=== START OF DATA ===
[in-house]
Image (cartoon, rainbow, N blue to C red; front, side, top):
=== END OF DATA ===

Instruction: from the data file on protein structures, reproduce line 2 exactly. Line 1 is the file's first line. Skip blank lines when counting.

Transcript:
Image (cartoon, rainbow, N blue to C red; front, side, top):